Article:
N. Arunachalam, whose birth centenary falls on Friday, was a many-faceted legal luminary who distinguished himself also as an academic and sharp-witted writer on Constitutional Law.

An alumnus of Presidency College, Madras, he graduated in law at the Madras Law College before doing a post-graduation in Constitutional and International Law.

Mr. Arunachalam, in 1939, enrolled as an advocate of Madras Bar Council —where he would later become a flag bearer of discipline and ethics as a member of its executive council —and was also an advocate on record in the Supreme Court. He filed, argued and won first appeal from the Pondicherry District Court in 1964 after Pondicherry became part of Union of India and moved inside the ambit of Indian laws.

In his legal practice, Mr. Arunachalam regularly dealt with French law in conjunction with Indian law with respect to succession and partition suits, and argued several landmark cases in Appellate Side of Madras High Court. He was also secretary of Madras High Court Advocates Association.

Mr. Arunachalam's keen interest in academics led him to join the Madras Law College as part-time professor from 1952 to 1969. He was also instrumental in establishing a department of law at the University of Madras for granting a Masters degree in international law and constitutional law.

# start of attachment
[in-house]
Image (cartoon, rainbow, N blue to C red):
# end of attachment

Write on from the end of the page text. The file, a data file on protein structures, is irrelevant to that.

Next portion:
His students, who include several leading senior lawyers of the Madras Bar such as R. Krishnamoorthy, A.L. Somayaji, N.R. Chandran, Masilamani, Aligiriswamy and Venkatachala Moorthy, would probably remember their teacher as much for his erudition and command over English as his manner of presenting lucid insights into the mechanics of Constitutional Law. Mr. Arunachalam has also authored a book on Constitutional Law in 1951 —when the Indian Constitution was just born —in which he extensively compares Indian Law with American, British and Australian laws. The book, though outdated in the context of over 94 amendments effected to the Constitution, is nonetheless a rare gem in terms of providing guidelines on interpretation.

Among his six children, A.A. Mohan is an advocate of the Madras Bar Association specialising in Intellectual Property Law.